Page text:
Teachers Teaching Teachers #260 - Connecting the Creative Cracks Created by the NWP Makes Project - 8.17.11
Paul Allison - Fri, 2011-08-19 03:43
- Christina Cantrill who works at the National Writing Project as a Senior Program Associate for the NWP Technology Initiative and Digital Is project.
- Judy Jester, Co-Director of the Pennsylvania Writing and Literature Project at West Chester University and an English teacher in the Kennett Consolidated School District
- Fred Mindlin, a member of UCSC's Central California Writing Project and a teacher in the Pajaro Valley Unified School District.
- Sam Reed, a teacher representative and city representative for Teachers’ Institute of Philadelphia (TIP), and Yale National Initiative (YNIT), respectively. He also serves on the advisory council for the Philadelphia Arts and Education Partnership; the Philadelphia Young Playwrights Literary Committee and I has served on the steering committee of the Philadelphia Writing Project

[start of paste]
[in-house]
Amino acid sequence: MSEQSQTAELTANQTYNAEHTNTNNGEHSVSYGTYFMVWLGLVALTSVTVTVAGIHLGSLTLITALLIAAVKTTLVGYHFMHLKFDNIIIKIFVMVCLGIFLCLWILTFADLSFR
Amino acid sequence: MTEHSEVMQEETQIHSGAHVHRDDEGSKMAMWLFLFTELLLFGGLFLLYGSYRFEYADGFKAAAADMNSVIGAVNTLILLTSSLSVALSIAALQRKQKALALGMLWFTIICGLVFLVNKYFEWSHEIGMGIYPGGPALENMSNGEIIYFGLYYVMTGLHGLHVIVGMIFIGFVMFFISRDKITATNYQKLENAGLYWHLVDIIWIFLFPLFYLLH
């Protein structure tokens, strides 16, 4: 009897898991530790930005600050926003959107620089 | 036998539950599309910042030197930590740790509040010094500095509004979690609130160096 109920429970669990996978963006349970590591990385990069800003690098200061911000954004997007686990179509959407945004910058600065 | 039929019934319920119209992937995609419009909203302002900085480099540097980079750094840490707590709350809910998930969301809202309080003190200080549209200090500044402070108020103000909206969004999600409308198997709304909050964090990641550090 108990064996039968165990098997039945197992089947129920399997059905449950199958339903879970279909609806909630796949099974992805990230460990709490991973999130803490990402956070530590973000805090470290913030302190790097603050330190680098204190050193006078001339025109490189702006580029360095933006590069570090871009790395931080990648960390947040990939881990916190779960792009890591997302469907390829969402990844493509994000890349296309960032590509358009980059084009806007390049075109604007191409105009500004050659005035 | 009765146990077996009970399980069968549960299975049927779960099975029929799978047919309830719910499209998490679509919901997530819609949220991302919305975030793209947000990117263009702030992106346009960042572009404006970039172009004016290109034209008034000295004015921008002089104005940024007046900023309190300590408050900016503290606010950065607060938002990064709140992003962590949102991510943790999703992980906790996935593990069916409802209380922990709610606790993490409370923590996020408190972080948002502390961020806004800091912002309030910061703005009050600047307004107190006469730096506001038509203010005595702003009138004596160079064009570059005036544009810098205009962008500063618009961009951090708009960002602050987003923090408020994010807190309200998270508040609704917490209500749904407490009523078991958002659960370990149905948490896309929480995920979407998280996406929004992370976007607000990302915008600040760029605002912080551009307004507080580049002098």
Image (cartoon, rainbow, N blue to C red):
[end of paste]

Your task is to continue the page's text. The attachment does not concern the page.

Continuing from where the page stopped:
The DIY ethic (do it yourself ethic) refers to the ethic of being self-reliant by completing tasks oneself as opposed to having others who are more experienced or able complete them for you. It promotes the idea that an ordinary person can learn to do more than he or she thought was possible. Naturally, a DIY attitude requires that the adherent attain the knowledge required to complete a given task. Without this, DIY is not an effective dogma. The term can refer to "doing" anything at all, including home improvements and repairs, first aid, and creative endeavors. Central to the ethic is the empowerment of individuals and communities, encouraging the employment of alternative approaches when faced with bureaucratic or societal obstacles to achieving their objectives. Rather than belittling or showing disdain for knowledge or expertise, DIY champions the average individual seeking knowledge and expertise for him/herself. Instead of using the services of others who have expertise, a DIY oriented person would seek out the knowledge for him/herself.
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